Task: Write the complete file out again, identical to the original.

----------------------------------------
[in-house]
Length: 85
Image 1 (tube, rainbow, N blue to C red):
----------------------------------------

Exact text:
[in-house]
Length: 85
Image 1 (tube, rainbow, N blue to C red):